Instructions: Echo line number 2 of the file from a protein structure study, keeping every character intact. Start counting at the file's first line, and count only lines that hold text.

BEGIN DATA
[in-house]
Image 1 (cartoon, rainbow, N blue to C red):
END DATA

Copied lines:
Image 1 (cartoon, rainbow, N blue to C red):